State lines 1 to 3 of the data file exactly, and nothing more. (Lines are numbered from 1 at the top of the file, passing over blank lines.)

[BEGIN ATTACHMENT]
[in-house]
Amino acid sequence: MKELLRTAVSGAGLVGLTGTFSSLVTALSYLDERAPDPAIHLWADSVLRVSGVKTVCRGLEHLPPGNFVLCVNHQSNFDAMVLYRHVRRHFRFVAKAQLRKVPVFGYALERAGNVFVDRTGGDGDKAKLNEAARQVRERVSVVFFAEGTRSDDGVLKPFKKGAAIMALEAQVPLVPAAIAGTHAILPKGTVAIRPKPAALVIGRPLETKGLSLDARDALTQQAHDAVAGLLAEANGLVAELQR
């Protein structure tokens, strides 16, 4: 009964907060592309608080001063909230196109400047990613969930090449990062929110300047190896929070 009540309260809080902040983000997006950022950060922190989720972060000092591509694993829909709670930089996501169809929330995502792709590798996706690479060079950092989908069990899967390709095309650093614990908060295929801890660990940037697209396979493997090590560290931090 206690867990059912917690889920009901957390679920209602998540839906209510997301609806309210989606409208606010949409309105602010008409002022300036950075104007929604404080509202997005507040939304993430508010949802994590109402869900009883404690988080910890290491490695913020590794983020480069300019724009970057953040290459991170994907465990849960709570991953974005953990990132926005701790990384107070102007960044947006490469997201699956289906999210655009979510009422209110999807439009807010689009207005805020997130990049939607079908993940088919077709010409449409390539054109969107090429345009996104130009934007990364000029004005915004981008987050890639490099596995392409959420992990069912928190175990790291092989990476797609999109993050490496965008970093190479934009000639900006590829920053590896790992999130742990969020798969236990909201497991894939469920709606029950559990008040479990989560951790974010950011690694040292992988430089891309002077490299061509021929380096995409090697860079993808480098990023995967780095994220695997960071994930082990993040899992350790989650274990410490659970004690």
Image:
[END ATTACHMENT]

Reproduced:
[in-house]
Amino acid sequence: MKELLRTAVSGAGLVGLTGTFSSLVTALSYLDERAPDPAIHLWADSVLRVSGVKTVCRGLEHLPPGNFVLCVNHQSNFDAMVLYRHVRRHFRFVAKAQLRKVPVFGYALERAGNVFVDRTGGDGDKAKLNEAARQVRERVSVVFFAEGTRSDDGVLKPFKKGAAIMALEAQVPLVPAAIAGTHAILPKGTVAIRPKPAALVIGRPLETKGLSLDARDALTQQAHDAVAGLLAEANGLVAELQR
């Protein structure tokens, strides 16, 4: 009964907060592309608080001063909230196109400047990613969930090449990062929110300047190896929070 009540309260809080902040983000997006950022950060922190989720972060000092591509694993829909709670930089996501169809929330995502792709590798996706690479060079950092989908069990899967390709095309650093614990908060295929801890660990940037697209396979493997090590560290931090 206690867990059912917690889920009901957390679920209602998540839906209510997301609806309210989606409208606010949409309105602010008409002022300036950075104007929604404080509202997005507040939304993430508010949802994590109402869900009883404690988080910890290491490695913020590794983020480069300019724009970057953040290459991170994907465990849960709570991953974005953990990132926005701790990384107070102007960044947006490469997201699956289906999210655009979510009422209110999807439009807010689009207005805020997130990049939607079908993940088919077709010409449409390539054109969107090429345009996104130009934007990364000029004005915004981008987050890639490099596995392409959420992990069912928190175990790291092989990476797609999109993050490496965008970093190479934009000639900006590829920053590896790992999130742990969020798969236990909201497991894939469920709606029950559990008040479990989560951790974010950011690694040292992988430089891309002077490299061509021929380096995409090697860079993808480098990023995967780095994220695997960071994930082990993040899992350790989650274990410490659970004690």